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Treating home grown grain this harvest

August 26, 2021

Production problems this year have led to supply and availability issues of propionic acid to treat grain on farms. Across Northern Ireland, using propionic acid or “Prop-corn” as it is known, has been one of the most common methods of preserving grain. It is relatively simple, yet effective and can normally be cost effective.

Application of propionic acid removes the need for grain to be dried. The acid treatment has a twofold action firstly it lowers grain pH to a level which prevents mould and mycotoxin growth, and also can improve energy levels of the grain for feeding to livestock. A further advantage is that no specialised store is required, the anaerobic conditions developed as a result of the treatment will be sufficient to keep the grain from spoiling.  Jonathan Brown, CAFRE Crops Development Adviser, points out that “with supplies of propionic acid restricted this year it will be important to achieve accurate application.  This will avoid costly overuse but it is equally important to ensure accurate assessment of moisture content of the grain to ensure enough is applied to safely store the grain as under application can also be a costly error if the grain pile spoils”.  Application rates are detailed in Table 1.  The rates given are for whole grain and if the grain is being rolled then application rates should be increased by 10-15%.

Table 1. Propionic Acid Application Rates

Grain Moisture PercentageLitres of Prop-corn / TonneGrain Moisture PercentageLitres of Prop-corn / Tonne

This year due to supply issues and also an increased demand for this product, some farmers may have to consider alternative methods. Jonathan went on to highlight the four main alternatives to propionic acid including drying, crimping, adding caustic soda or adding urea.


The aim is to harvest crops in as dry conditions as possible which is being helped by the current dry spell, ideally below 18% moisture. Grain is then further dried down to 14-15%. This is most commonly done in NI through a mobile match drier. This method results with grain in a relatively stable state, with moisture removed preventing moulds from growing. Costs for drying range from £20- £30 per tonne depending on moisture percentage and handling charges etc.  Crops cut below 18% moisture can be stored for a short period without further drying if they can be ventilated through pedestals or under floor ventilation.  However this would need to be carefully monitored to ensure it doesn’t begin to spoil.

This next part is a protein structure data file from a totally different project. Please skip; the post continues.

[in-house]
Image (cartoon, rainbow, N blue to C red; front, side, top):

Crimping also involves using an acid treatment or bacterial inoculants to create low pH anaerobic conditions. During the process, grain is lightly crushed to maximise exposure to the acidifying additive. Grain is normally stored in an air tight clamp or bag, and can be fed directly to livestock. Perhaps a further advantage of crimping is the ability to harvest crops at a higher moisture content (30%) and still allowing grain to be stored successfully.


Historically this is used for treating feed wheat prior to storage. Unlike crimping, there is no requirement to roll the grain and it can be treated whole. Sodium hydroxide (caustic soda) is added at a rate of 3-4%. This disrupts the coating on the grain, which allows for direct feeding to cattle. This can be done through a feeder wagon/mixer. Caution must be exercised is this is a hazardous material. One advantage is that it can be stored uncovered below a roof, there is no need to try to eliminate air.


In most cases this process involves mixing the grain with ‘feed grade’ urea. The purpose being to eliminate toxins, thus allowing for safe storage in a clamp. Grain is best treated after being rolled. This process can lead to an increase in protein content of the grain of between 14-16%, however nutritional advice is required to properly calculate inclusion rates for animal feed rations. There are numerous urea/ammonia based products on the market to facilitate this process, for example products such as ‘Home n Dry’, ‘Maxamon’ and ‘Buffer Grain’ among others. Some of these already have the urease enzyme included, so do not require additional urease to be mixed in. Most, however, operate best to a maximum grain moisture content of 20%.

With harvesting under way at present, growers are advised to speak to suppliers as early as possible to decide the best way to manage their grain.